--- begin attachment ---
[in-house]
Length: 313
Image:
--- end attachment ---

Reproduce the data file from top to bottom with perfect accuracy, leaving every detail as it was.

[in-house]
Length: 313
Image: